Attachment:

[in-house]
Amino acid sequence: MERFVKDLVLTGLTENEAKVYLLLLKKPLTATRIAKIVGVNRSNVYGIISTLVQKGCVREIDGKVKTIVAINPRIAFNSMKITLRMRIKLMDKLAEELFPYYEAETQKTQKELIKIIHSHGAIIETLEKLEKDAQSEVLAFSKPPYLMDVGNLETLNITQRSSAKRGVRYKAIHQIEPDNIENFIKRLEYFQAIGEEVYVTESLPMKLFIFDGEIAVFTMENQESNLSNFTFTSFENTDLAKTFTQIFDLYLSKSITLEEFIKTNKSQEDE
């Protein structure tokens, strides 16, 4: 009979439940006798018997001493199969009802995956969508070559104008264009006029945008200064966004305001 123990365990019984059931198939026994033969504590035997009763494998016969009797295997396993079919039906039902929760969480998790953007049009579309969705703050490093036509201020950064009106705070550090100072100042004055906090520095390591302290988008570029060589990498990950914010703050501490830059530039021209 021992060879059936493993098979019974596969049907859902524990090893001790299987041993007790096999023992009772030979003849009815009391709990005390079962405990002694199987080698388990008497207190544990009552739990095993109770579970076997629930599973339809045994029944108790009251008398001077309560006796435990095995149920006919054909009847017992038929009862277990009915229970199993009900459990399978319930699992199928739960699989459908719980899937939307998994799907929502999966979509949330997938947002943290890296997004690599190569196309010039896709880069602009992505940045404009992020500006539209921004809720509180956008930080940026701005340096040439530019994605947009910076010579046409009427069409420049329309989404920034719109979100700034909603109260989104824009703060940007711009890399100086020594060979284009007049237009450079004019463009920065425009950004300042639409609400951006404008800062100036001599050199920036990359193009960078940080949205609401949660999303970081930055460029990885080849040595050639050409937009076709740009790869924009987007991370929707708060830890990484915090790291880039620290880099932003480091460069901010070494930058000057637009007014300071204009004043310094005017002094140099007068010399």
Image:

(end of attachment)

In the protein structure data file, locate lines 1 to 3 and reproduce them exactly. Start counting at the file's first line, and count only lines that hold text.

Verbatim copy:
[in-house]
Amino acid sequence: MERFVKDLVLTGLTENEAKVYLLLLKKPLTATRIAKIVGVNRSNVYGIISTLVQKGCVREIDGKVKTIVAINPRIAFNSMKITLRMRIKLMDKLAEELFPYYEAETQKTQKELIKIIHSHGAIIETLEKLEKDAQSEVLAFSKPPYLMDVGNLETLNITQRSSAKRGVRYKAIHQIEPDNIENFIKRLEYFQAIGEEVYVTESLPMKLFIFDGEIAVFTMENQESNLSNFTFTSFENTDLAKTFTQIFDLYLSKSITLEEFIKTNKSQEDE
């Protein structure tokens, strides 16, 4: 009979439940006798018997001493199969009802995956969508070559104008264009006029945008200064966004305001 123990365990019984059931198939026994033969504590035997009763494998016969009797295997396993079919039906039902929760969480998790953007049009579309969705703050490093036509201020950064009106705070550090100072100042004055906090520095390591302290988008570029060589990498990950914010703050501490830059530039021209 021992060879059936493993098979019974596969049907859902524990090893001790299987041993007790096999023992009772030979003849009815009391709990005390079962405990002694199987080698388990008497207190544990009552739990095993109770579970076997629930599973339809045994029944108790009251008398001077309560006796435990095995149920006919054909009847017992038929009862277990009915229970199993009900459990399978319930699992199928739960699989459908719980899937939307998994799907929502999966979509949330997938947002943290890296997004690599190569196309010039896709880069602009992505940045404009992020500006539209921004809720509180956008930080940026701005340096040439530019994605947009910076010579046409009427069409420049329309989404920034719109979100700034909603109260989104824009703060940007711009890399100086020594060979284009007049237009450079004019463009920065425009950004300042639409609400951006404008800062100036001599050199920036990359193009960078940080949205609401949660999303970081930055460029990885080849040595050639050409937009076709740009790869924009987007991370929707708060830890990484915090790291880039620290880099932003480091460069901010070494930058000057637009007014300071204009004043310094005017002094140099007068010399």